Lovely Provence

You know how you weren’t planning on doing something, and then you decide to, and you’re so glad that you did?  Well, that’s how it’s been with the addition to my travels of both Barcelona and Provence — just fantastic.

I left Barcelona Tuesday morning and took the metro to the train station, which was easy enough, save for the heavy backpack (more on that later).  I got to Avignon, France, in the Provence region, in the early afternoon and made my way to the apartment that I rented through Airbnb, where I met Anne, a lovely woman who was very kind and helpful in getting me settled.  The apartment is in a building that dates back to the 18th century, with a cobblestone courtyard as you enter through a huge wooden door, and then walk a grand stone staircase to the third floor.  Terracotta tile floors, wooden beam 20′ ceilings, and huge windows with interior wooden shutters that are about 12′ tall… all combined with an updated kitchenette and bathroom, and lovely decor.  Anyone who knows my style would take one look at this place and know why I love it.  Just beautiful.  And so French — very stylish.

The first two days here were quite stormy, with a lot of rain that came down in force starting late Tuesday.  I wandered around town a bit, and found myself in the heart of the main square for dinner, where I met a very nice and cheery couple from Britain, who also live half the time here in Avignon.  They invited me over to their table at the end of my meal, and insisted on sharing some of their wine while we talked travel and adventures, of which they’ve had many.  These are the moments that I love the most — unexpected discoveries and connections, with the places I’m visiting, with the people, and with the small details at any given moment on any given day.

Wednesday morning I hit an energy wall; I slept in a little, and got out for a late breakfast, and then just had trouble getting up enough energy for a day of sightseeing, especially since it was pouring rain.  So I opted to do a load of laundry and wait it out, and as luck would have it, the clouds parted and the sun broke through late in the day, making for a lovely evening.  I started with an afternoon visit to the Petit Palais Museum, which is full of religious art from the Church, most of which is medieval Italian paintings and sculptures.  I then made my way to the park on the edge of the town that overlooks the river, and then down to the river to visit the Pont St. Benezet, which is the bridge of Avignon, only part of which still stands, going about half way across the Rhone River.  After that I had just an hour to visit the Palace of the Popes, which was actually pretty cool to visit as it was getting dark, giving me a unique perspective on life here at that time.  This was followed by a late dinner, complete with a chat noir (yes, really) who likes to visit this particular restaurant every night.  I had originally wanted to also fit in a visit to nearby Arles and possibly Nimes, but my late start and lazy day cut those from the list.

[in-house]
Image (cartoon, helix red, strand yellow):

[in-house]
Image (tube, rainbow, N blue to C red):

Thursday was spend touring the Provence region with a local guide and some other tourists, visiting a lavender museum, where I learned about the very specific fine lavender grown here (not lavendine, which is what is grown most other places around the world), and the history of how the essential oil has been distilled over time.  Perhaps very simple to some, but to be in the place where these famous products are made, and to learn about them, is quite interesting.  We then visited several hilltop towns in the Luberon region of Provence, including Roussillon, Gourdes, and Les Baux, as well as driving through the Cote du Rhone region, and visiting the famous Pont du Gard aqueduct, which was built around 19 BC (yes, really) by the Romans.  So incredible to see it still standing strong across the Gardon River.  We wrapped up with a quick visit to the St. Remy area to see the place where Nostradamus was born, and where Van Gogh spent the end of his life.  As with many of the artists that we now consider to be the great masters, he was not appreciated during his life as he has been since his death, and it was both sad, yet inspiring, to stand in the area that inspired some of his greatest work, including The Starry Night.

It’s my last night here in Provence, and I take the train tomorrow to Nice on the French Riviera.  The forecast for the rest of my trip is looking sunny and warm, which is just one more blessing on this incredible journey.  Loving it.

——————

1. Photos to be uploaded soon

2.  Ok, the backpack.  It’s the classic story — I thought I packed light.  Really.  But, as the story goes, everyone wishes they had packed lighter, and that is certainly true.  There are two small and one large packing cubes, two pair of sandals, and my toiletry bag in there, and it feels like I’m carrying a baby elephant.  On the one hand, it’s so much quicker for getting from place to place, as I’m very mobile and not wheeling a bag behind me; on the other, it’s tiring to schlep that thing any amount of distance.  So my next trip will be definitely be packing even lighter.  Because holy farm animals, I need a massage.

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